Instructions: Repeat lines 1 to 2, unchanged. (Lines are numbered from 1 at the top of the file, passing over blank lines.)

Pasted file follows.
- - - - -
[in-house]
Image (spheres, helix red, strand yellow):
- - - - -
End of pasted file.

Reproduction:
[in-house]
Image (spheres, helix red, strand yellow):